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Use the shadows!
Camouflage clothing is another area where people expect miracles. It’s not an invisibility cloak. It doesn’t matter how much it costs, or how fancy it looks, it will not enable you to walk around undetected, anywhere, ever! Forget it, it’s not happening. Camo is great for complementing, your field craft, but that’s all it does. It helps you – helps! You still have to do it right. You still have to choose the routes with the most cover, know when to move and when not to; you have to use the shadows, you still need to hide, to be hidden.
All camo does is helps to make you feel hidden, and if you feel hidden, you will tend to act hidden, and so it works, and you say to your mates, “Wow! This pattern is great!” – but it’s partly a placebo. If you acted like that in a solid green jumper and brown trousers, you’d have pretty much the same levels of success, but you don’t because when you’re dressed in highly visible clothing, you tend to behave as if you’re visible. So buy the best camo by all means, but remember, without you doing your bit, you might as well wear a pink shower curtain. They’ll see you move, they’ll see you in the sunlight, they’ll hear you, and not one of them will care what you were wearing. Practise your field craft, buy clothes that keep you warm and dry, and worry about the pattern after that.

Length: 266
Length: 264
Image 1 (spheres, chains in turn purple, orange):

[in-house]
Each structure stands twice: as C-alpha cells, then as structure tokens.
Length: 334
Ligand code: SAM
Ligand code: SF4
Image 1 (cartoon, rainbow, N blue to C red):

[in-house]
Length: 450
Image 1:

Practise the shots you never take! I know, you’re thinking, ‘Why practise them if I never take them?’ but you need to practise those more. Think of it this way; the shots you regularly take, you are already practising often – because you take them often – but the shots you never take, you haven’t ever practised, and one day, a target will present itself at an odd angle, or a range you never shoot, and you will have to take the shot as you are.
When was the last time you shot at a two-yard target? Do you know where to aim for that? High, you need to aim high. If it’s that close, you need to aim high by roughly the same distance that the centre of your scope sits above the centre of your barrel. Do you know what that distance is? It depends on your mounts, and your scope, so measure it and then go out and try a two-yard shot. Practise it! One day you will get the shot on a real animal, and you won’t miss it because you will have practised it.
Knowing the angles
Have you ever shot straight up at 90 degrees? Do you know where to aim? If not, go out and do it, and find out! If you’re hunting, these shots will be presented to you sooner or later, and they could make or break your hunting trip so it’s better to know where to aim. Go out and practise until you know it, all of it – any angle, any distance. If you don’t, then there’s no point spending a single penny buying anything in the search for success. No rifle, scope, or fancy little gadget will help to make up for lack of experience. You will miss because you will have to guess, and guessing never leads to good shooting, and against live animals it’s not acceptable.